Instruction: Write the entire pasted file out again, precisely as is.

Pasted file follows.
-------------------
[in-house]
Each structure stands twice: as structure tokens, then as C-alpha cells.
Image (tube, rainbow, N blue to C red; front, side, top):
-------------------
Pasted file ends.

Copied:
[in-house]
Each structure stands twice: as structure tokens, then as C-alpha cells.
Image (tube, rainbow, N blue to C red; front, side, top):